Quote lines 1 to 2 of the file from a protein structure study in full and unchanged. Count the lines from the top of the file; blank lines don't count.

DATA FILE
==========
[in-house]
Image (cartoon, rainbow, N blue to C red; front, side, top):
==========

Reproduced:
[in-house]
Image (cartoon, rainbow, N blue to C red; front, side, top):